PSU's Allen Robinson seizes opportunity

Allen Robinson's turning point at Penn State might have been the low point for everyone else.

The transfers of several key Penn State players both before and after the NCAA leveled sanctions against the program in July was labeled charitably as a setback and, seemingly more realistically, as a disaster. Arguably no position group suffered more than wide receiver. Top target Justin Brown bolted for Oklahoma. Devon Smith, a returning starter, left the team in June before the sanctions hit and eventually landed at Marshall. The team's top returning pass-catcher was Shawney Kersey with five receptions in 2011 -- and he, too, would eventually depart the team.

Many wondered who would catch passes for Penn State in 2012. Robinson knew the answer. It's why he viewed Penn State's summer turmoil as something different -- an opportunity.

"As the sanctions and everything else happened, my expectations for myself got a little bit larger," Robinson told ESPN.com. "We had Silas Redd leave, Justin Brown leave. We didn't have that many guys [left], so I definitely knew I'd have a bigger role.

"I just wanted to produce when my number was called."

Has he ever. Robinson not only has cemented himself as Penn State's No. 1 wide receiver, but he's also quite possibly the best in the Big Ten.

The 6-foot-3, 201-pound true sophomore leads the Big Ten in both receptions (57) and receptions per game (6.3) -- nearly a full catch more per game than any other player in the league. He also leads the league in touchdown receptions (8) and trails only Wisconsin's Jared Abbrederis in receiving yards per game (76.6). Robinson also holds the team record for receptions by a sophomore and needs just seven receptions to break the Penn State single-season record of 63 held by both Bobby Engram (1995) and O.J. McDuffie (1992).

While senior quarterback Matt McGloin is the most pleasant surprise in Penn State's suddenly potent offense, Robinson, who had just three receptions as a freshman in 2011, isn't far behind.

"I knew I would have to step up for this team if we wanted to win some games," Robinson said.

Robinson notes that the transfers, particularly Brown, increased his ability to make an impact. First-year Lions coach Bill O'Brien sees thinks differently.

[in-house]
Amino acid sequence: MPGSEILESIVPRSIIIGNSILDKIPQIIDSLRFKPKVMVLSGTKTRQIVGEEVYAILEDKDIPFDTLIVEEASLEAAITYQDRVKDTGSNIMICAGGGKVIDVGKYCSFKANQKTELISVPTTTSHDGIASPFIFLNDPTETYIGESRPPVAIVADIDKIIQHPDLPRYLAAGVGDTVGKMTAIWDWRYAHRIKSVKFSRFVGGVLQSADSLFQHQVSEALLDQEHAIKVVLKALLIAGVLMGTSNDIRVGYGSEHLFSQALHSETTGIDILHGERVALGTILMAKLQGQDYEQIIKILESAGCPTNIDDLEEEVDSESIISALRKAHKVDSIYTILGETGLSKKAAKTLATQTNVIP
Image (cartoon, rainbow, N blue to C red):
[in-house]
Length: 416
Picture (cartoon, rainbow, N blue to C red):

"He knew whether Justin Brown was here or not," O'Brien said, "that he was going to be a major part of this offense."

O'Brien knew before anyone else what type of season Robinson could have. Robinson immediately caught O'Brien's eye during winter workouts, weeks after the coach had taken the Penn State job.

"You could see right away that he was a big kid that had very, very smooth athleticism," O'Brien said. "He could come in and out of cuts real well."

Spring practice only increased O'Brien's confidence in the young receiver. O'Brien brought in his offense from the NFL's New England Patriots, but Robinson was a quick study.

Robinson showed the staff he could play both outside receiver spots as well as the slot, unique versatility for such a tall receiver.

"He caught the ball real well in the spring," O'Brien said. "We knew going into the summertime that we had a guy there who had a chance to be really productive for us."

O'Brien tabbed Robinson as a co-starter with Kersey on the post-spring depth chart. Brown and Smith also were named starters at receiver.

Robinson spent much of the summer working with McGloin, named in June as the Lions' starting quarterback. They built a chemistry that has repeatedly shown up in games, particularly in the red zone. Between Sept. 8 and Oct. 20, Robinson caught touchdown passes from McGloin in five of six games, including three against Navy and two against Northwestern.

"Matt has thrown that ball that you guys see in games to me hundreds of times [in workouts]," Robinson said. "Matt definitely trusts me in those situations to go get it, and I definitely trust and believe in him that he's going to make the throw."

Robinson has embraced the detail-oriented approach needed to succeed in O'Brien's offense. While the Lions might not be perfect on every play, "we can try," Robinson said.

O'Brien oversaw one of the NFL's top passing offenses with the Patriots, but he hasn't had many weapons quite like Robinson.

"We had guys in New England that were about 5-foot-9, 5-foot-10 for the most part," O'Brien said. "We had Randy Moss there, but obviously Randy Moss is a Hall of Fame player. Allen is a tall guy, he runs well, he can jump, he's got really good hands, he's very smart. He can do a lot of different things on the route tree. He's not just a vertical threat. He can run underneath things. He can catch screens.

"So he's got a very unique set that really I haven't been around in my career."

Robinson saw a big opportunity after Brown's departure, but he was sorry to see Brown go. Brown took Robinson under his wing when Robinson arrived at Penn State, and the two roomed together on road trips during the 2011 season.

They still talk regularly, mostly not about football, although Robinson noted Brown's strong performance for Oklahoma in last week's victory against Iowa State.

"Justin is still a really good friend," Robinson said.

Brown made his choice, while Robinson opted to stay at Penn State. Not surprisingly, Robinson and other Lions young standouts such as defensive end Deion Barnes have been asked frequently whether they'll stick around State College after the season. Robinson has consistently affirmed his commitment to the program.

"Hearing [questions] about transferring and things like that, it does kind of overwhelm us sometimes, but you have to deal with it," he said. "Coach O’Brien always tells me the opportunities to make big plays are definitely going to be there.

"It definitely gives you some insight on what I could potentially do here."